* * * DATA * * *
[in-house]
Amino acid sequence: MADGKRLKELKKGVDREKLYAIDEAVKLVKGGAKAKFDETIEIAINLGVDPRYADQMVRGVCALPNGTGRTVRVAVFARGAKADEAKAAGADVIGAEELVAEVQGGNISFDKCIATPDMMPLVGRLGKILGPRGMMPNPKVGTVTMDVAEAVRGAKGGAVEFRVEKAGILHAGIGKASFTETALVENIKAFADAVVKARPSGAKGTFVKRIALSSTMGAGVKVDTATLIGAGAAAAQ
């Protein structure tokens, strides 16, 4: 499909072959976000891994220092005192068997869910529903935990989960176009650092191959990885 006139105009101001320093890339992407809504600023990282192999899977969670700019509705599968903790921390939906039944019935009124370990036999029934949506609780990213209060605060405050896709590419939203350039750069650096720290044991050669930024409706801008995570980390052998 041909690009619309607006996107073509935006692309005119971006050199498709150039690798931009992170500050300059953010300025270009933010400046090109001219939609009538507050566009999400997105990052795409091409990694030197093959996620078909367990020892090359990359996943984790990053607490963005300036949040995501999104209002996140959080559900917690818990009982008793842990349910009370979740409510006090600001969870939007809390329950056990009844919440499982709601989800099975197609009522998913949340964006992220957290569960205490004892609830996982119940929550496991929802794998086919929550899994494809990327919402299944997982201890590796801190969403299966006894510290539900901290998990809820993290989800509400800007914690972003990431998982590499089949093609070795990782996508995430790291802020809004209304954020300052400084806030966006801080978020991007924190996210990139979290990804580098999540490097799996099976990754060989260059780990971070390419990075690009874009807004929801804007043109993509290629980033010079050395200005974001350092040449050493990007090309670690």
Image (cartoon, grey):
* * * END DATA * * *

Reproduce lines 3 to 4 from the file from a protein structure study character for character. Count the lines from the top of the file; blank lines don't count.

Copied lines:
């Protein structure tokens, strides 16, 4: 499909072959976000891994220092005192068997869910529903935990989960176009650092191959990885 006139105009101001320093890339992407809504600023990282192999899977969670700019509705599968903790921390939906039944019935009124370990036999029934949506609780990213209060605060405050896709590419939203350039750069650096720290044991050669930024409706801008995570980390052998 041909690009619309607006996107073509935006692309005119971006050199498709150039690798931009992170500050300059953010300025270009933010400046090109001219939609009538507050566009999400997105990052795409091409990694030197093959996620078909367990020892090359990359996943984790990053607490963005300036949040995501999104209002996140959080559900917690818990009982008793842990349910009370979740409510006090600001969870939007809390329950056990009844919440499982709601989800099975197609009522998913949340964006992220957290569960205490004892609830996982119940929550496991929802794998086919929550899994494809990327919402299944997982201890590796801190969403299966006894510290539900901290998990809820993290989800509400800007914690972003990431998982590499089949093609070795990782996508995430790291802020809004209304954020300052400084806030966006801080978020991007924190996210990139979290990804580098999540490097799996099976990754060989260059780990971070390419990075690009874009807004929801804007043109993509290629980033010079050395200005974001350092040449050493990007090309670690």
Image (cartoon, grey):